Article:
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Music for Moppets Kinder-Keyboard Piano Lessons
Adult Piano Music for Moms Camp Allegro



Forget the image of the the kid painfully trudging her solitary path to piano lessons. Or the boy daydreaming of glory on the baseball diamond while his teacher raps the rhythm with her ruler. This is  a new millennium and The Lake Shore Music Studio has created a fusion of  fun group activities with high technology to create a new tradition in piano lessons.

The Lake Shore Music Studio, located at 1460 N. Sandburg Terrace, is now accepting enrollments for its new term. The Studio specializes in piano lessons for all ages, including Music for Moppets for 4 and 5 year olds and Kinder-Keyboard for 6 and 7 year olds.

    "Our lessons are different than the traditional lessons most people grew up with," says Julie Lovison, Director. "First of all, our students meet in small groups, rather than individually. This makes a built in support team of friends, as well as enabling us to schedule longer lessons, which results in more contact time between student and teacher. Our students enjoy playing their latest accomplishments for each other and offering suggestions kid to kid as well as receiving pats on the back from each other and they always have built in duet partners. Because we have more contact time, we can include time for improvising and composing and playing music games which help take the drudgery out of the drill work like learning note names, scales, etc. There are so many more ideas shared in a group, there is always a buoyant energy level in our classes and it's really fun for the teacher as well."

"Secondly, we believe it's important for students of any level to understand the music they are playing, not simply play songs by rote, so we cover a lot of music theory in our lessons. While Lake Shore Music Studio students learn to play Bach Minuets beautifully, they also learn how to transpose them to other keys, add a boogie woogie or Mozart style accompaniment, or compose a Minuet of their own. We provide our students with the knowledge and encouragement they need to be creative thoughtful musicians."

"By understanding the patterns and structures of music, students find they can learn pieces more quickly, retain them longer, and interpret them more sensitively. Our goal is to teach our students useful concepts about music that will keep them involved with music for a lifetime."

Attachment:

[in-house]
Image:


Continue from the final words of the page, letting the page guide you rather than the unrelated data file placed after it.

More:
Computer with keyboard controllerLake Shore Music Studio students have been motivated by the addition of a MIDI compatible computer lab. "Students are so comfortable working with computers through their experiences at school and home," Mrs. Lovison says,"now they can enjoy learning how to use them for music applications. With our new MIDI computer system we are able to record songs by playing them on a piano keyboard which enters the music into the memory of the computer using a sequencer program, then with the click of a mouse button can change the instrument sound to any one of 128 choices. Imagine Twinkle, Twinkle Little Star on a harpsicord or a flute. Children love to play Disney hits like Beauty and the Beast, but are often disappointed that they don't sound like the recording. Because we have all the glamorous, synthesized sounds on our computer, now they can make the sounds themselves that they are hoping to hear. "

"Another day, we might orchestrate a song, such as the popular Pachelbel's Canon, by adding more instrumental sounds using our MIDI keyboard, then print out the resulting music on our computer. Once they start on the computer, our students never want to leave at the end of their lesson," says Mrs. Lovison.

We also have four acoustic pianos. "I want our students to have a love of the traditional piano sound, and an ability to play with sensitivity, beauty and skill the great body of classical works. This is our tradition and my love as well." "But," she continues, "this is the dawn of the 21st century, and it's time we educate students in the skills they will need to make music in the future as well."

Julie Lovison, a Chicago native, founded The Lake Shore Music Studio in 1980 based on the philosophy and teaching methods of Dr. Robert Pace, with whom she studied in New York, at Teachers College, Columbia University. She was joined by associate Edith Gwinn-Smith a graduate of Alabama A & M University in 1991.

For information on lessons or training programs in the Pace teaching method, call Julie Lovison, The Lake Shore Music Studio, 312-335-8426. or email here.

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